Well, the Senate last week almost took up the issue of equal opportunity for faith-based services. On the floor for debate was reauthorization of the 1996 welfare reform law—the first law to include Charitable Choice language. Reauthorization is long overdue, but disputes over child-care funding and toughening the work requirement had stymied Senate action. The debate finally started last week, and additional child care money was added. Then the process collapsed in a dispute over loading the bill with a minimum-wage measure. Welfare reauthorization is back off the Senate agenda, it appears, at least until the end of June, when the law's current extension ends.
So what about Charitable Choice? In fact, it doesn't need to be reauthorized: it is now part of welfare's legal framework. But supporters and opponents were poised to act. Supporters like Sen. Rick Santorum (R-Pa.) want to expand Charitable Choice to cover the Social Services Block Grant program, to ensure that faith-based groups have full opportunity to compete for those funds.
Opponents wanted to weaken Charitable Choice through the reauthorization process. There's still the view out there that the concept violates the Constitution. In fact, it is an equal opportunity measure, not a theocratic idea. It tells officials to make sure government funds go to the best providers, whether secular or religious. It bolsters legal protections for the religious character of faith-based providers, while protecting the religious liberty of beneficiaries. It even requires states to provide an alternative for anyone who doesn't want service from a faith-based provider. And it requires government money to be spent on services and not be diverted to pay for evangelism, a synagogue's roof, or scripture instruction.
It's not easy these days to get steamed up about this balanced package of rights and duties, particularly when Charitable Choice has enabled a broader range of faith-based groups to partner with government and those groups are serving the poor with respect. But opponents are sure one part of the concept is intolerable: Charitable Choice's safeguarding of the federal civil right of religious organizations to take account of religion when they decide who to hire. Some federal funding programs restrict that right. Charitable Choice says the right doesn't disappear when a faith-based group accepts federal funds to offer welfare services.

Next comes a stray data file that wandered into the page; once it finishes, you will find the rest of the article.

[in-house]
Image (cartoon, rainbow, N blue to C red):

But what happens when the federal money is funneled through the welfare agency in a state that requires all of its grantees and contractors to hire without regard to religion? Many states don't restrict religious hiring, but others do, and so do many large cities. So whose rules dominate: the federal freedom or the state or local restriction?
Some Senators hoped to clarify the law in favor of the restrictions, modifying Charitable Choice to say that the federal freedom must give way to state restrictions on religious staffing and to municipal requirements that every contractor must provide domestic partner benefits. Yet, if the whole point of Charitable Choice is to remove the restrictions and uncertainty that keep many effective faith-based providers from participating with other groups, isn't it clear that the federal rule protecting the hiring right should prevail over restrictive state and local policies?
Stay tuned! The Senate has avoided Charitable Choice yet again, but the issue can't be ducked forever. Now is the time to educate Senators on the importance of upholding religious freedom in the government's rules for its social-service funding programs. Urge your Senator to strengthen and expand Charitable Choice, because when the government invites faith-based providers to be its allies for the good of families in need, it should protect and not restrict the employment policies that enable those providers to be distinctive.